Increasing Authenticity

Dr David Simcock - Increasing the authenticity of assessment for first-year nurses in a clinical subject.

Banner image: Assessment Case Study - Increasing Authenticity

In this JCU snapshot, we hear about an assessment task that is evolving toward becoming more authentic for nursing students. Initially, the coordinator was focused on helping students understand the basics of common diseases related to physiological functions and to learn how to work in teams. The current assessment task that supports these goals has students working in small groups to create a 3-minute digital presentation (voice-over PowerPoint). However, the coordinator wants to give students the opportunity to apply their knowledge in more authentic situations, such as clinical handovers.

This snapshot describes the current subject and some of the ways the coordinator plans on making it more authentic and engaging for learners.

Valid; Fair; Authentic; Continuous; Transparent; Varied methods

Subject BM1011 Physiological Systems and Processes
Study Mode Internal and Mixed Mode (online with residential week)
Campus Townsville, Cairns, Mackay and Mount Isa
Coordinator Dr David Simcock
Courses Bachelor of Nursing Science, Diploma of Health

Assessment in the current subject includes a group project that focuses on the production of a multimedia presentation (voice-over PowerPoint).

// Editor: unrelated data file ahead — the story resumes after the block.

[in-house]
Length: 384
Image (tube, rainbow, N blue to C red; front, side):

This assessment task was designed to promote students’ understanding of the basics of simple diseases related to physiological functions and to learn how to work in teams.

The subject outline provides scaffolding for students on how to work in teams and where they can access information and skills that can help with the development of the multimedia presentation.

Students who successfully complete this subject will be able to:

  • Explain the function of the cardiovascular, respiratory, renal, endocrine and reproductive systems in maintaining a regulated internal environment within the body.

  • Work effectively with group members to investigate the impacts of disease on the function of an organ system and communicate findings using appropriate scientific terminology.

  • Analyse scientific materials to understand the basis of body measurements and use these measurements to determine whether the body is functioning normally.

(Aligned to NMBA Nursing Standards of Practice (2016) 5.1)

Group Presentation (20%)

Students work together in groups of four to create a 3-minute digital multimedia presentation (voice-over-PowerPoint) to demonstrate their understanding of physiological function of an organ system and the effects of a specific disease, disorder, drug or environmental factor on the function of this organ system. Students need to use appropriate scientific terminology.

Another aspect of the task is around helping students learn to work in teams. As part of this task, the group needs to:

  • Actively discuss, establish and sign off on a code of conduct that is agreed upon by all group members.

  • Set up a meeting schedule.

  • Develop a task completion plan and allocate roles and tasks to each group member.

Clear instructions are provided around the process that students need to follow. This starts with a research phase where students self-audit their knowledge and knowledge gaps and work out what they need to find out and learn. They also start to think about what resources they need to locate for their multi-media presentation (e.g. music, video etc.).